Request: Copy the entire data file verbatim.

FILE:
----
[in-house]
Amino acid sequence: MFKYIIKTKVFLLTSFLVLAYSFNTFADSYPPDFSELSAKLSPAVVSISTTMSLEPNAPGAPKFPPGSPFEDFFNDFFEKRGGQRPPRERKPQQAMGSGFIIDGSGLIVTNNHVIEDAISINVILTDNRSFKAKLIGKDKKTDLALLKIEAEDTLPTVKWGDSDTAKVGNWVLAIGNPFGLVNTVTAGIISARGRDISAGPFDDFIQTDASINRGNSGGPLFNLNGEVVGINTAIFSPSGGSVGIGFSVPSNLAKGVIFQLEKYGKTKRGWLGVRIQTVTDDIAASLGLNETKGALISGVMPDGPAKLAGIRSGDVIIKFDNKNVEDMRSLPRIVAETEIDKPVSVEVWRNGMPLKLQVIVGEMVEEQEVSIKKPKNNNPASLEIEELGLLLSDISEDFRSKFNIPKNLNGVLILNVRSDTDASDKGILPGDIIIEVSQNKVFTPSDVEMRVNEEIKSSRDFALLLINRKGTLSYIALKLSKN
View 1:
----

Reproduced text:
[in-house]
Amino acid sequence: MFKYIIKTKVFLLTSFLVLAYSFNTFADSYPPDFSELSAKLSPAVVSISTTMSLEPNAPGAPKFPPGSPFEDFFNDFFEKRGGQRPPRERKPQQAMGSGFIIDGSGLIVTNNHVIEDAISINVILTDNRSFKAKLIGKDKKTDLALLKIEAEDTLPTVKWGDSDTAKVGNWVLAIGNPFGLVNTVTAGIISARGRDISAGPFDDFIQTDASINRGNSGGPLFNLNGEVVGINTAIFSPSGGSVGIGFSVPSNLAKGVIFQLEKYGKTKRGWLGVRIQTVTDDIAASLGLNETKGALISGVMPDGPAKLAGIRSGDVIIKFDNKNVEDMRSLPRIVAETEIDKPVSVEVWRNGMPLKLQVIVGEMVEEQEVSIKKPKNNNPASLEIEELGLLLSDISEDFRSKFNIPKNLNGVLILNVRSDTDASDKGILPGDIIIEVSQNKVFTPSDVEMRVNEEIKSSRDFALLLINRKGTLSYIALKLSKN
View 1: